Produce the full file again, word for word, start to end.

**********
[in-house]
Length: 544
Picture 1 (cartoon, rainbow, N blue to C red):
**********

[in-house]
Length: 544
Picture 1 (cartoon, rainbow, N blue to C red):